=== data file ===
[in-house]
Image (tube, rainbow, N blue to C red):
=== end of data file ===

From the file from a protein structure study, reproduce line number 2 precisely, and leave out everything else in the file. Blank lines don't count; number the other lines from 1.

Image (tube, rainbow, N blue to C red):